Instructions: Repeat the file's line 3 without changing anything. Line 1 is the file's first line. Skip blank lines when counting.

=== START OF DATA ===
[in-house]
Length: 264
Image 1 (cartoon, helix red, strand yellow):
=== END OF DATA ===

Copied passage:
Image 1 (cartoon, helix red, strand yellow):